City roads were rerouted to allow for new areas of planting, footpaths and cycleways. The planting beds have been constructed to cope with water runoff from the streets with plants that capture pollutants, including plastic particles from car tyres.
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Clumps of Calamagrostis x acutiflora ‘Karl Foerster’ create upright punctuation for a diverse multi-layered planting. Even though Nigel has included non natives, such as Sisyrinchium striatum and Eremurus x isabellinus ‘Cleopatra’, this provides a long flowering that generates incredible value for pollinators and other invertebrates.
What are bioswales?
Bioswales are shallow depressions that act in the same way as rain gardens; collecting, slowing-down and cleaning surface water-runoff. They can fill up temporarily with water during heavy rainfall, but are not bog gardens because the water can drain away, either into the soil beneath, or into subsurface drains.
In the Grey to Green scheme, the bioswales slope gently on each side to the central low point. Water flows into them from the road surface along their entire edge. In a garden setting, a good way to think of a bioswale is as a glorified ditch.
Included among the planting planting are wooden totem-like structures, designed to create habitats for pollinators and other wildlife. The street furniture picks up on the striking burnt- orange spires of Eremurus x isabellinus ‘Cleopatra’.
Cycleways allow riders to weave through the planting where the bright flowers of golden-yellow Achillea ‘Coronation Gold’ and stand-out red Lychnis chalcedonica help brighten the daily commute, and are particularly good inclusions for pollinators.
One of the outstanding benefits of introducing the planting beds is the fact that 24,000 bathtubs’ worth of water is prevented from entering Sheffield’s sewage treatment works each year. The project has shown a 561 per cent increase in biodiversity.
The plant mixtures include plants with a wide range of ecological tolerances from those that prefer wetter conditions to those that are happy when it’s very dry. This ensures that the schemes are resilient from season to season.
8 key plants of Sheffield's Grey to Green project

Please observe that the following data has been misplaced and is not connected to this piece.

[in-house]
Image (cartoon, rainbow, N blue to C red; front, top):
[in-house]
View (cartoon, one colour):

Erigon 'Dunkelste Aller’
An upright fleabane that has unusual deep violet-purple, ray-like flowers and eye-catching yellow centres. 1m x 50cm.
Whorls of lilac-purple, hooded flowers are held on tall, dark-purple stems. The flowers fade well to provide interest and structure in winter. 1.5m x 50cm.
Opening an orange-red, the flowers of ‘Paprika’ fade as they age to a more dusty orange. A good self-seeder in free-draining soil and important pollinator attractor. 1m x 50cm.
Robust grass providing a long season of interest, particularly for its tall, arching, oat-like panicles that mature to a tawny gold. 2.5m x 1m.
Good structural plant with strongly upright, lance-shaped leaves that give rise to tall stems carrying clusters of creamy-yellow flowers. Will self-seed.
1m x 50cm.
Salvia nemorosa ‘Caradonna’
Clump-forming member of the sage family with long-lasting display of deep-purple flower spikes. 50cm x 50cm.
Low-growing perennial forming clumps with rounded leaves and clusters of deep-rose-coloured flowers, loved by insects. 60cm x 60cm.
Artemisia ludoviciana ‘Silver Queen’
Striking, slender, silver-grey leaves that act well as a foil to purples and pinks. Good as a ground cover plant and usefully drought tolerant. 1m x 1m.
Click here for Nigel Dunnett's Gardens Illustrated Masterclass about how to create long-season planting schemes
Jodie Jones is a freelance garden writer, who works for titles that include Gardeners' World Magazine, The Daily Telegraph and Gardens Illustrated.